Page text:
IE9 Release Candidate
The release candidate for Internet Explorer 9 is now available, providing users with a near-complete look at Microsoft's overhauled Web browser. IE9's release candidate isn't fundamentally different from the public beta that launched last September, but it does pack some big changes, based primarily on user feedback. Here's an overview of the IE9 release candidate's new features.
More Room to Browse
Microsoft happily joined the pixel race with Internet Explorer 9, aiming to shave off the amount of space occupied by menus and tabs. The release candidate leaves even more room to browse with a slightly smaller (and less intrusive) lip below the address bar and less dead space along the top of the screen.
Optional Row of Tabs
One of Microsoft's most striking design decisions with Internet Explorer 9 was the movement of browser tabs onto the same row as the URL and search bar. Naturally, some users hated this. Microsoft is accommodating them with an option to move tabs onto their own row. To send all tabs below the URL and search bar, right-click any tab and select “Show tabs on a separate row.”
Tabs Are Easier to Close
When Internet Explorer 9 was in beta, I griped about how you couldn't close individual tabs without clicking on them first. In the IE9 release candidate, when you hover the mouse over any tab, an "X" icon appears, allowing you to close unused tabs faster.
Multiple Pinned Pages, One Shortcut
Another key feature with Internet Explorer 9 is the ability to pin Website shortcuts to the Windows task bar. In the release candidate, IE9 lets you associate more than one Website with a single pinned shortcut, opening each in a separate tab. I just wish the process was more intuitive. As it stands, you have to pin one tab to the task bar, then open the shortcut, then manually enter other URLs through the “Internet Options” menu. Why not let users drag and drop multiple Websites into a single pinned shortcut?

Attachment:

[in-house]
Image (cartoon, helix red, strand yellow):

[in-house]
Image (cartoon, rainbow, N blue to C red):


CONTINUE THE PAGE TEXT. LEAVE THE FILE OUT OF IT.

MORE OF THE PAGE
If you frequently copy and paste URLs or search terms, the Internet Explorer 9 release candidate adds a keyboard shortcut that's supposed to speed up the process. Pressing Shift-Ctrl-L now takes whatever you have in the clipboard and opens it in the browser. The problem is that only someone with abnormally long fingers can reach the “L” key while also holding left Control and Shift, limiting the convenience of this feature.
ActiveX controls allow for rich experiences, such as video and animations, on some Websites, but they can also introduce security, stability and privacy issues. ActiveX Filtering, accessible through the “safety” tab in Internet Explorer 9's main menu, lets you disable ActiveX controls by default and only allow sites to run the plug-ins on a case-by-case basis.
There's been a lot of uproar lately about Internet privacy, and Microsoft is jumping on the privacy protection bandwagon with Tracking Protection in Internet Explorer 9. The feature lets you sign up with several tracking protection lists, which prevent Websites from following your behavior. For comparison, Firefox 4's "Do Not Track" feature tells all Websites that you don't want to be followed, leaving compliance up to them. Chrome's "Keep My Opt-Outs" extension activates do-not-follow cookies from the Network Advertising Initiative and keeps them active even if you clear all your browser cookies.
Faster, in General
The Internet Explorer 9 release candidate boasts better performance than the IE9 beta, according to Microsoft's IE blog. It should consume less memory and battery life, and supposedly performs better on basic tasks such as "find on page."
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